(a) Any documented vessel with a pleasure license endorsement, as well as any undocumented American pleasure vessel, shall be used exclusively for pleasure and shall not transport merchandise nor carry passengers for pay. Such a vessel which is not engaged in any trade nor in any way violating the Customs or navigation laws of the U.S. may proceed from port to port in the U.S. or to foreign ports without clearing and is not subject to entry upon its arrival in a port of the U.S., provided it has not visited a hovering vessel, received merchandise while in the customs waters beyond the territorial sea, or received merchandise while on the high seas. Such a vessel shall immediately report arrival to Customs when arriving in any port or place within the U.S., including the U.S. Virgin Islands, from a foreign port or place.
(b) A cruising license may be issued to a yacht of a foreign country only if it has been made to appear to the satisfaction of the Secretary of the Treasury that yachts of the United States are allowed to arrive at and depart from ports in such foreign country and to cruise in the waters of such ports without entering or clearing at the customhouse thereof and without the payment of any charges for entering or clearing, dues, duty per ton, tonnage, taxes, or charges for cruising licenses. It has been made to appear to the satisfaction of the Secretary of the Treasury that yachts of the United States are granted such privileges in the following countries:
(c) In order to obtain a cruising license for a yacht of any country listed in paragraph (b) of this section, there shall be filed with the port director an application therefor executed by either the yacht owner or the master which shall set forth the owner’s name and address and identify the vessel by flag, rig, name, and such other matters as are usually descriptive of a vessel. The application shall also include a description of the waters in which the yacht will cruise, and a statement of the probable time it will remain in such waters. Upon approval of the application, the port director will issue a cruising license in the form prescribed by paragraph (d) of this section permitting the yacht, for a stated period not to exceed one year, to arrive and depart from the United States and to cruise in specified waters of the United States without entering and clearing, without filing manifests and obtaining or delivering permits to proceed, and without the payment of entrance and clearance fees, or fees for receiving manifests and granting permits to proceed, duty on tonnage, tonnage tax, or light money. The license shall be granted subject to the condition that the vessel shall not engage in trade or violate the laws of the United States in any respect. Upon the vessel’s arrival at any port or place within the U.S. or the U.S. Virgin Islands, the master shall comply with19 U.S.C. 1433 by immediately reporting arrival at the nearest Customs facility or other place designated by the port director. Individuals shall remain on board until directed otherwise by the appropriate Customs officer, as provided in 19 U.S.C. 1459.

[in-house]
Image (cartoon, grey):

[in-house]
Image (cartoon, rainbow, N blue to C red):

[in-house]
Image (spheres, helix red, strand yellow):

(d) Cruising licenses shall be in the following form:
For a period of ____ from ____(Date) the ____(Flag) ____ (Rig) yacht ____(Name) belonging to ________ of (Owner’s name) ________(Address) shall be permitted to arrive at and depart from the United States and to cruise in the waters of the Customsport of
This license is granted subject to the condition that the yacht named herein shall not engage in trade or violate the laws of the United States in any respect. Upon arrival at each port or place in the United States, the master shall report the fact of arrival to the Customs officer at the nearest customhouse. Such report shall be immediately made.
Issued this _____ day of _______, 19__
Warning: This vessel is dutiable:
(1) If owned by a resident of the United States (including Puerto Rico), or brought into the United States (including Puerto Rico), for sale or charter to a resident thereof, or
(2) If brought into the United States (including Puerto Rico) by a nonresident free of duty as part of personal effects and sold or chartered within one year from date of entry.
Any offer to sell or charter (for example, a listing with yacht brokers or agents) is considered evidence that the vessel was brought in for sale or charter to a resident or, if made within one year of entry of a vessel brought in free of duty as personal effects, that the vessel no longer is for the personal use of the non-resident.
If the vessel is sold or chartered, or offered for sale or charter, in the circumstances described, without the owner first having filed a consumption entry and having paid duty, the vessel may be subject to seizure or to a monetary claim equal to the value of the vessel. See Chapter 89, Additional U.S. Note 1, HTSUS, and subheadings 8903.10, 8903.91, 8903.92, 8903.99.10, 8903.99.20, and 8903.99.90, HTSUS.
(e) A foreign-flag yacht which is not in possession of a cruising license shall be required to comply with the laws applicable to foreign vessels arriving at, departing from, and proceeding between ports of the United States.